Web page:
NFL Scouting Combine Bans Players With Domestic Violence, Weapons Convictions

NFL Scouting Combine Bans Players With Domestic Violence, Weapons Convictions

The league is finally taking a stand.

Published February 9, 2016

It's about damn time.

USA Today Sports is reporting that from now on, the NFL will not allow players with convictions for domestic violence, sexual assault or weapons charges to attend the yearly scouting combine in Indianapolis, thus limiting their chances of making the league.

The league's executive vice president of football operations, Troy Vincent, sent the policy change in a memo to all NFL franchises late last month.

As part of the memo, which was obtained by USA Today, Vincent wrote that NFL prospects would be barred from "any league-related event" if their background check reveals a felony or misdemeanor conviction.

If a player refuses to agree to a background check, it will be deemed as an admission of guilt and that player will be uninvited from the combine or a league-related event, including the NFL Draft. 

Essentially, the NFL is trying to weed out bad seeds and limit their chances of making the league.

That being said, banned combine players can still attend other private workouts and pro days, so the question is why would the NFL go halfway with this rule and not 100 percent, prohibiting convicted players from playing football, altogether?

If anything, it's a start, right?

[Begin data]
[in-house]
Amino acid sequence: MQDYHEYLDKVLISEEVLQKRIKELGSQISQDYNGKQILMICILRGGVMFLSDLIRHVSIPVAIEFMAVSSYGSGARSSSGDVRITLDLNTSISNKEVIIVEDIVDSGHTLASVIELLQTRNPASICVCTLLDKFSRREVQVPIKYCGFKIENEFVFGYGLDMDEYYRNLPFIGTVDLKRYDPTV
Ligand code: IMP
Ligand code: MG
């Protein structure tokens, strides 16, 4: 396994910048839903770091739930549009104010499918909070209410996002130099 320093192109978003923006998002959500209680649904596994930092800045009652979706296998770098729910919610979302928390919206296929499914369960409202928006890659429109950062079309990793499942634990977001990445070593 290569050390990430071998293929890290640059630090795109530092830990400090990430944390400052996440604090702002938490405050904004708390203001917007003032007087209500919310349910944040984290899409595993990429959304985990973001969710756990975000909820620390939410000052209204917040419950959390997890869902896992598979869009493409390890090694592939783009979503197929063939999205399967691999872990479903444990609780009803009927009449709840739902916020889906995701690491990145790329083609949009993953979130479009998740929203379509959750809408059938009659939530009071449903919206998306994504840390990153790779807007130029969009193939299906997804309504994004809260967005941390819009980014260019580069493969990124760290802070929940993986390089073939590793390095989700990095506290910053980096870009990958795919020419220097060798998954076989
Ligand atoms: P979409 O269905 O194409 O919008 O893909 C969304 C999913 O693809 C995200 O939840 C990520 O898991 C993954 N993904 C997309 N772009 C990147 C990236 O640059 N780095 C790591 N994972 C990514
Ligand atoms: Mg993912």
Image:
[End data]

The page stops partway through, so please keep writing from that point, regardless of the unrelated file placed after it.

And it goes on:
"It is important for us to remain strongly committed to league values as we demonstrate to our fans, future players, coaches, general managers, and others who support our game that character matters," Vincent wrote in the memo, as reported by USA Today.

Each February, the NFL combine gets upwards of 300 prospects who undergo full physicals, participate in the 40-yard dash and perform in position-specific drills, so the ramifications for players affected by the policy change are now in place for offenders.

One can't help but think the NFL's policy update is a direct response to Greg Hardy and his domestic violence incident.

In May 2014, the defensive end was arrested for domestic violence against his then-girlfriend Nicole Holder.

The charges were dropped in February 2015, when Holder refused to cooperate with the district attorney's office.

Despite the clear controversy, the Dallas Cowboys signed the suspended defensive end to a one-year, $11.3 million deal for the 2015 season and he wound up playing in 12 games.

However, in the midst of his season, in early November, Deadspin released photos of Holder with bruises covering her body including her back, arms, legs, chin, neck and foot, in addition to several damaging quotes from the police report.

“I tried to get up, he pushed me,” she said. “Then I started fighting back, he threw me into the bathroom, I hit the back of the shower wall and fell into the bathtub where he pulled me out."

She claims Hardy dragged her by the hair and tossed her onto a futon covered with guns, before choking her.

"His pupils were tiny," she said. "I mean he looked... crazy.”

The release of the photos marked a black eye on the Cowboys and the NFL for not coming down harder on Hardy.

Let's see how this policy change could help change things in the NFL moving forward.

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(Photo: Mike Lawrie/Getty Images)

Written by Mark Lelinwalla


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